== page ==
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Genentech, Flatiron Health, Foundation Medicine Attempt Prospective, Real-World Data Collection

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NEW YORK – While many oncologists recognize the potential of real-world data to advance precision oncology research and inform patient care, the lack of a uniform infrastructure for collecting these data prospectively has, in many cases, precluded their use in more traditional research settings.

A feasibility trial recently launched by Roche subsidiaries Genentech, Flatiron Health, and Foundation Medicine, called the Prospective Clinico-Genomic (PCG) Study, aims to address this real-world data challenge. The PCG study will prospectively enroll 1,000 patients with metastatic non-small cell lung cancer or extensive-stage small cell lung cancer treated with standard-of-care across 20 sites within the Flatiron Health Network. Ultimately, the companies want to assess whether technology-enabled trial enrollment can expand access to precision oncology to more patients. Throughout the course of the study, they will also collect serial liquid biopsies using Foundation Medicine's FoundationOne Liquid tests to explore how circulating tumor DNA (ctDNA) levels might predict patients' response to treatment.

Within Flatiron Health-Foundation Medicine's clinico-genomics database, researchers already have access to deidentified electronic health records from 54,000 patients treated at more than 280 US cancer centers and results from genomic tests performed by Foundation Medicine. But these real-world data are retrospectively collected, and as Genentech's researchers acknowledge, "retrospective analyses may be limited by lack of availability to certain data, data quality management, and other confounding factors; however, prospective, meaningful data at scale may address these limitations."

The resulting comprehensive data and biorepository built through the PCG study will include overall survival data with four-year longitudinal follow-up from both structured fields, such as laboratory results, and unstructured fields, such as physicians' notes in electronic health records abstracted via Flatiron's technology. The repository, the researchers hope, will ultimately shed light on predictive biomarkers of response to standard treatments patients are taking — an exploration that has been set as the study's secondary aim. The PCG study's primary aim, however, is to demonstrate the feasibility of this type of prospective real-world-data collection in the context of large-scale clinical research.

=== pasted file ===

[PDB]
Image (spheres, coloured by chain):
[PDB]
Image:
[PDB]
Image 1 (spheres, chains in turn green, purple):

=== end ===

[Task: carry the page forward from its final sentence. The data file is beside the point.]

"The study is really an examination of the scalability of this approach," said Mark Lee, Genentech's global head for personalized healthcare and product development. "It's an estimate of how well an EMR technology-enabled study can be run in real-world clinical practices … and the percentage of participation should be a great indicator of how scalable this can be."

The endpoints defined for the PCG study — in this case, the percentage of patients eligible to participate who end up enrolling and subsequently submitting blood samples for liquid biopsies at pre-defined intervals — will ultimately inform the companies' assessment of whether this approach to research is indeed feasible and scalable. The study is still in early stages, but Lee noted that he and his colleagues have been encouraged with the enrollment rate so far.

According to the digital poster accompanying the companies' presentation of the PCG study during the 2020 American Society of Clinical Oncology's virtual annual meeting, the trial expects to complete enrollment by early 2021 and to assess final outcomes after the last patient enrolled has completed four years of treatment.

Seeking predictive markers of treatment response

Although the primary goal is an assessment of the scalability of this research approach, the PCG study's secondary aim is to inform how genomic changes in a patient's tumor may predict response or impact resistance to treatment. This is where Foundation's serial liquid biopsy assay will be key.

Patients will be tested at study enrollment, at first tumor assessment, and at progression or end of treatment to track how their total levels of ctDNA change over time. When absolute ctDNA levels drop, Lee said, "it's quite possible that … can be indicative of how long that individual can benefit from treatment." On the other hand, if the ctDNA levels don't drop over time, that could indicate that the patient should switch to another treatment, he noted.